If you own a dog but are interested in getting a cat, you may be thinking about the process of introducing them to each other. But the steps to introduce your dog to a cat is a bit trickier than just sticking them in a room together.
To make sure the introduction goes smoothly, plan ahead. You might need plenty of time for your dog and cat to get acquainted.
Here are the easiest ways to prepare.
Choosing the Right Cat
Before you get a cat, you’ll want to consider the various cat breeds. Each breed has a different personality, so do some research before you make your decision. Interact with the cat you plan on getting for a while before you bring them home.
Try and imagine how its personality will mesh with your dog’s. For example, if your dog is the type to chase things, your best bet is to get a cat that is calm and confident. A shy cat may end up being afraid of your dog.
Separate Them for Some Time
Before you introduce them, you should give them time to get used to each other’s scent. This means confining one animal and letting the other one roam. Rotate which pet is confined and which is roaming for a few days.
When it comes time for them to meet, they won’t be as surprised by each other. This would also be the time to assess how the meeting might go.
If your dog digs at the barrier that is keeping them from the cat, the interaction might not work out. At this point, you may want to consider pursuing training.
Choose the Right Location
If you’ve decided to adopt, don’t try and bring your dog to the shelter where you are adopting your cat from. This could make him feel scared. Also, it’s a health concern. The first interaction should take place at home.
Make sure the space you choose to introduce them is large, but not so large that they could end up freaking out and running away. If you don’t have control of both pets, you may find them chasing each other.
Before you let them interact on their own, you should let them meet each other while leashed. You can continue doing this for several days until your dog isn’t bothered by your cat.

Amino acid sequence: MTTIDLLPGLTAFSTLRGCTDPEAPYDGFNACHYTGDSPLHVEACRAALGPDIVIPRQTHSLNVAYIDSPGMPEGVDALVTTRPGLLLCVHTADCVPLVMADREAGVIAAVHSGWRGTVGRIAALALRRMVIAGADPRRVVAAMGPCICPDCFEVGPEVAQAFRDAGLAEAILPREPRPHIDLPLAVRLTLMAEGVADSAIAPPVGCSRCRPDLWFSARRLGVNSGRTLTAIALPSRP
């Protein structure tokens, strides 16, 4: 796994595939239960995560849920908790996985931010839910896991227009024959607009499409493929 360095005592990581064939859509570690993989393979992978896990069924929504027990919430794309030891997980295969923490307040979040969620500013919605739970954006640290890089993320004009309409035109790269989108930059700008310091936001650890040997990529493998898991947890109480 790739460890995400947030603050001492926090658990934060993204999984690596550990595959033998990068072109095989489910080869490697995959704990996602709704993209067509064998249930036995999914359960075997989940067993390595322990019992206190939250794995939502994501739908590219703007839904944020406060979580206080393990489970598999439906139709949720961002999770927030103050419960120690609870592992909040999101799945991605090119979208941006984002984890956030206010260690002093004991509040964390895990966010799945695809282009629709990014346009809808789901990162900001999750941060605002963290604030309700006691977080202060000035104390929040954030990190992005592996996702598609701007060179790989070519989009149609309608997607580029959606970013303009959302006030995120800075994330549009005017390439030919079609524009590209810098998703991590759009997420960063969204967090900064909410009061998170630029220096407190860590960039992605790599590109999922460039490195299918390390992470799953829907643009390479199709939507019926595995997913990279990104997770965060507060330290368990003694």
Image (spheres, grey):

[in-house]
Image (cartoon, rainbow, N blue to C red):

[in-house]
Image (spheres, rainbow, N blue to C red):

If either animal displays aggression or fear, you may want to backtrack and continue keeping them separated for a longer period of time.
If there is no one home, make sure one of or both of the animals are confined so they cannot interact with each other unsupervised.
Once both animals feel relaxed, it may be time to let them interact on their own. Only allow this when you are sure that neither animal will hurt the other. It can take about a month to reach this point.
If it takes longer than this, don’t feel discouraged. Every animal is different, and it’s impossible to tell how the two personalities will interact. The important thing is that you don’t force it. Eventually, they won’t feel so shocked or threatened by each other.
If your dog remains focused on the door blocking them from your new pet cat, distract your dog with treats or by guiding them away on a leash.
Once your dog is no longer near the cat, offer them a treat. Repeat this process several times until your dog loses interest. Over time, this will teach them that they shouldn’t stay fixated on your new pet cat. From there, you can work on building their relationship.